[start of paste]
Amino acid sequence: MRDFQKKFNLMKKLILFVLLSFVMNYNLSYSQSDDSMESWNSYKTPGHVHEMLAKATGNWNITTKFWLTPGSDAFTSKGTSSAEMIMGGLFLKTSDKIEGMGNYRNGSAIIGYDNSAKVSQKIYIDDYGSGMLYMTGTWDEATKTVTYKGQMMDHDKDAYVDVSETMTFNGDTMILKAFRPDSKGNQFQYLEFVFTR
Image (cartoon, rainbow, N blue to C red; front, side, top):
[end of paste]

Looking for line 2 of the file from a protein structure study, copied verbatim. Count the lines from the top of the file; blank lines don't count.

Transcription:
Image (cartoon, rainbow, N blue to C red; front, side, top):